As earlier mentioned, the Oxbridge interview is meant to mirror the universities’ shared trademark approach to teaching.
While students do attend the relevant lectures, classes and laboratory work for their course, Oxford and Cambridge are unique in that students receive highly personalized, often one-to-one time with their professors to go over course content in depth.
Typically, undergraduates will attend one or two of these sessions a week, each lasting about an hour.
However, students are also expected to complete a significant set of readings (and perhaps a written assignment) prior to each session, as these are all used as springboards for discussion.
Given that these sessions form a significant part of the Oxbridge student experience, the interview is used as a means to assess an applicant’s compatibility with the teaching methods deployed.
As actual faculty members conduct the interviews – placing them at the forefront of the decision-making process – they, too, want to see for themselves the students they may be teaching for at least the next three years, and assess who in particular would thrive under their supervision.
This then begs the question – what kind of an interview performance would convince them?
In truth, Oxford and Cambridge would never expect you to have all the right answers.
Even in fields like mathematics and the natural sciences, where a correct answer more often than not exists, interviewers are more interested in your thought process, and how you engage in academic dialogue to eventually arrive at a conclusion, whether it’s right or wrong.
As such, the most successful candidates are those who display a pure willingness to learn through constant engagement with the interviewer and topic at hand, even if it means making several “mistakes'' along the way.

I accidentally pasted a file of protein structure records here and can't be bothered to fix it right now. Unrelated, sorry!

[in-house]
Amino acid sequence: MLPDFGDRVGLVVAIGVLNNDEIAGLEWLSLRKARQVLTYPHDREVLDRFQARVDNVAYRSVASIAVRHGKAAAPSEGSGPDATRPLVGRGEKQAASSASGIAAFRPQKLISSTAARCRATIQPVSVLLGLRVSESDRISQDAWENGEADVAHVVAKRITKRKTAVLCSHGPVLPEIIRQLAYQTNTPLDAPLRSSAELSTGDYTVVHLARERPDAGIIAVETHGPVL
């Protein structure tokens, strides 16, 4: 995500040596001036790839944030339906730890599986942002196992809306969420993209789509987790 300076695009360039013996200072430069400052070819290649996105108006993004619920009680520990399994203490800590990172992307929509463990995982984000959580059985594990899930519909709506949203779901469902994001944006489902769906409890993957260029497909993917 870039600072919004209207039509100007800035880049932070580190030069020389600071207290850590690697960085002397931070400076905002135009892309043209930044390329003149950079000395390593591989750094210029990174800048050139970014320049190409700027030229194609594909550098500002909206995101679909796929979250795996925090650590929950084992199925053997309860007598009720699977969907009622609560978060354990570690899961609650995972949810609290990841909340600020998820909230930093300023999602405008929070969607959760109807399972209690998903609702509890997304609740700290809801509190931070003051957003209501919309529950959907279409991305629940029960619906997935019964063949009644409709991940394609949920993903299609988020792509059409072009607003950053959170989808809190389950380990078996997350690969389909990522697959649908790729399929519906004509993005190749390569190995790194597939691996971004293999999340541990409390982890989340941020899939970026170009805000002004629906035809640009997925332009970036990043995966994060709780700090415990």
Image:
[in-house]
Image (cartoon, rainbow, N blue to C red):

More so than your raw subject knowledge – which you would accumulate over your time at university anyway – your natural ability to articulate, evaluate, and ask questions on the spot will serve as the true markers of your propensity for growth under an Oxbridge learning environment.
A word of advice
While you can definitely expect to be asked interview questions with obvious links to your areas of interest, not all interview questions will be quite so straightforward.
Going into your very own interview, be prepared to engage with anything that comes your way – no matter how seemingly random or arbitrary.
At the end of the day, remember that interviewers will never deploy a question with the purpose of throwing you off.
Quite the contrary, interviewers want to see you succeed, so approach each of their questions in stride – take one deep breath and proceed to tackle them in a manner that feels most true to yourself as a learner.
But of course, developing this fluidity and confidence takes practice over time – made infinitely easier by Oxbridge experts who have coached countless students through the interview preparation process toward an ultimate acceptance.
If you’d like to explore how you can most effectively approach your interview preparation journey, find out more here.